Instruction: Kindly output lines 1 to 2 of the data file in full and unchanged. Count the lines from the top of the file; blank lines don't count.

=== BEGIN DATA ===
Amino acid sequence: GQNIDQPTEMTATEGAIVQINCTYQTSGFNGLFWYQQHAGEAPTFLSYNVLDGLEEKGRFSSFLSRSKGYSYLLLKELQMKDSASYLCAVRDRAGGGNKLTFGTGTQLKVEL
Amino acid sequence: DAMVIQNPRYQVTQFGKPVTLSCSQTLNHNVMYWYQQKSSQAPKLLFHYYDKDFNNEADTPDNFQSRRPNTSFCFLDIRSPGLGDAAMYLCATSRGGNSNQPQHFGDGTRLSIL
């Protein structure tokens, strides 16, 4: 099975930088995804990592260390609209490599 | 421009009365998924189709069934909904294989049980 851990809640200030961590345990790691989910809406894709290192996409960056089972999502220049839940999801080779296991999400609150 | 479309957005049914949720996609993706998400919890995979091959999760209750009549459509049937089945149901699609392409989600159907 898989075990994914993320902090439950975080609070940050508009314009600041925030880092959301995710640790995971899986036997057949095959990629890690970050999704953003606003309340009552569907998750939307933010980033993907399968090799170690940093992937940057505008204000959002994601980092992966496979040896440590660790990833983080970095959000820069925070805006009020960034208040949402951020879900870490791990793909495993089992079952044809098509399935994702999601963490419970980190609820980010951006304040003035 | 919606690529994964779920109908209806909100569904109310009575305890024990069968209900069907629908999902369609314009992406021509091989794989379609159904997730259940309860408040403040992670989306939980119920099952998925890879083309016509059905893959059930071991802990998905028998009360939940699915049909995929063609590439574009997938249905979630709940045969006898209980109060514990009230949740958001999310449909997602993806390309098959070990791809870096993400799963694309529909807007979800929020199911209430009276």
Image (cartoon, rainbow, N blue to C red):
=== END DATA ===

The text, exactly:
Amino acid sequence: GQNIDQPTEMTATEGAIVQINCTYQTSGFNGLFWYQQHAGEAPTFLSYNVLDGLEEKGRFSSFLSRSKGYSYLLLKELQMKDSASYLCAVRDRAGGGNKLTFGTGTQLKVEL
Amino acid sequence: DAMVIQNPRYQVTQFGKPVTLSCSQTLNHNVMYWYQQKSSQAPKLLFHYYDKDFNNEADTPDNFQSRRPNTSFCFLDIRSPGLGDAAMYLCATSRGGNSNQPQHFGDGTRLSIL